Sunday, February 24, 2013

Slowly, People Come to Terms with Gay Marriage.

I've seen lately too great examples of how the country is coming to terms with gay marriage.

It'll still be controversial for awhile and many people and organizations are clearly still trying to figure out how to place it within the normal fabric of life. They have to, because that's where it seems to be headed.
The front page of the Laurel Call-Leader
in Mississippi that caused such a controversy
The process comes in fits and starts, especially in conservative parts of the country. What happened recently in Mississippi is really interesting.

In the heart of conservative Mississippi, a local paper, the Laurel Leader-Call carried a front page story recently about a same sex couple getting married there.

Yes, I know gay marriage is not legal there, but it was a commitment ceremony, basically a marriage. One of the two women has a brain tumor, the couple worried time was short so they decided to go for it.

The paper did an article on the event because it was the first time such a thing had happened around Laurel.  They used the word "historic" in the headline, because nothing like it had every happened before in Laurel.

This being a particulary conservative part of the country, many Leader-Call readers were up in arms about the article.

The paper's editor, Jim Cegielski, was fed up with some of the reaction, and wrote one of the best editorials, at least in terms of journalistic integrity, that I've seen in awhile.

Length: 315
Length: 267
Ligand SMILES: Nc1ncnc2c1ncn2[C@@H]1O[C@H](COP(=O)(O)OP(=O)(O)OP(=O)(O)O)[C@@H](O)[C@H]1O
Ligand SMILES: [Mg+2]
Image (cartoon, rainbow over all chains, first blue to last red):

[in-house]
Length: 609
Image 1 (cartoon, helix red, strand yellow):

(In the above link, it's a bit complicated to get to the actual excellent editorial. Go up to where it says "Page 1, scroll down to "Page 4/5" then click on the editorial you see on the upper right. That's what you want to read.)

In it, he attacked the vitriol of some of the critics. The great thing about the editorial is it was an ode to free expression, and he kept his opinion of gay marriage out of it. Read the editorial and you still will have no idea what Cegielski's opinion of gay marriage is.

What he did attack was some strange thinking going on among people who criticized the article.
One line of attack was that the paper called the marriage "Historic."

And as Cegielski pointed out, it was historic, since it was the first time it happened in Laurel, as I've noted.

The most delicious part of Cegielski's editorial was when he slammed people who worried about children who would see the gay marriage article.

"We have stories about child molesters, murders and all kinds of vicious, barbaric acts of evil committed by heinous criminals on our front page and yet we never receive a call from anyone saying 'I don't need my children reading this.' Never. Ever. However, a story about two women exchanging marriage vows and we get swamped with people worried about their children."

According to media blogger Jim Romenesko, the Laurel Leader Call is now in the happy throes of a backlash against the backlash about the gay marriage story.

The paper is winning new subscribers, mostly from outside Mississippi and the Laurel area. So many people are looking at the paper's web site that it crashed late last week. (It appears to be fixed now)

All because an editor was committed to his duty to inform, no matter if his readership liked the news or not. Well played, Mr. Cegielski.

Another Case Ends Well.

There was another gay marriage incident in the media recently that ended both well and fairly for all involved.  It worked out that way because people thought with their brains and heart, and not with mindless hate and bias.

As BuzzFeed explained it, photographer Anne Almasy decided to try advertising in Wedding Unveiled magazine. She didn't want to submit a standard issue groom in tux, plastic smiling blonde bride in white photo for the ad.